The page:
Norway to provide bridging loan to Somalia
The Government has proposed that Norway should provide a short-term bridging loan of NOK 3.135 billion to Somalia in 2020 to clear Somalia’s debt arrears to the World Bank’s International Development Association.
Technically, this is a loan to Somalia, but the funds will be transferred to a World Bank account. The World Bank will then grant Somalia a new loan, which will be used immediately to repay the bridging loan from Norway.
‘Following several decades of civil war, the situation in Somalia has stabilised in the last few years. The authorities have implemented a number of important political and economic reforms, but the country is still in a vulnerable situation. This loan from Norway will be an important contribution to the work to promote reform and stabilisation in Somalia,’ said Minister of Foreign Affairs Ine Eriksen Søreide.
Somalia’s external debt amounts to approximately USD 4.7 billion, and debt cancellation is a key priority for the Somali Government. A third of the debt is owed to the multilateral development banks, the World Bank and the African Development Bank, and the International Monetary Fund (IMF). These debt arrears need to be cleared before Somalia can receive new loans and debt relief. In addition to the bridging loan from Norway, the UK will provide a bridging loan to cover Somalia’s debt to the African Development Bank. This means that Somalia just needs one more donor country to cover its debt to the IMF. When these three loans are in place, Somalia will qualify for debt relief under the Heavily Indebted Poor Countries (HIPC) Initiative, provided that it implements the ongoing programme of economic reforms agreed with the IMF.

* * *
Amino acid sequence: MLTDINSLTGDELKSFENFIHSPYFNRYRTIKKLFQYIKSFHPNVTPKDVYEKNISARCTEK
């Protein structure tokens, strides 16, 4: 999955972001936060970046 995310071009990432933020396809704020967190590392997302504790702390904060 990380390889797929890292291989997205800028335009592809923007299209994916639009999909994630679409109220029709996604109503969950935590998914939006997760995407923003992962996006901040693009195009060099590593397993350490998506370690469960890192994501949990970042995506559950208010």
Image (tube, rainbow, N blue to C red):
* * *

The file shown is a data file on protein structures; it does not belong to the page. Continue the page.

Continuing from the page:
‘Somalia’s debt arrears to Norway amount to NOK 16 million. If Somalia receives debt treatment in the Paris Club under the HIPC initiative, this debt will be cancelled,’ said Minister of International Development Dag-Inge Ulstein.
Mr Ulstein will participate in a roundtable meeting on Somalia during the World Bank’s Annual Meetings in Washington next week.
‘Debt relief is essential if Somalia is to continue its stabilisation and reform efforts. This bridging loan operation shows what we can achieve when donors and multilateral financial institutions work together. This will be a topic of discussion at a number of the meetings I’ll be having during the World Bank’s Annual Meetings next week. The aim is to carry out this bridging loan operation during the first quarter of 2020,’ Mr Ulstein said.
Somalia is an important partner country for Norway, and it received NOK 543 million in bilateral aid from Norway last year. Together with the EU, the UK and Germany, Norway has invested substantial resources in promoting institution-building, good governance and stabilisation in the country. Norway has contributed to efforts to promote peace and stabilisation in Somalia since the early 2000s.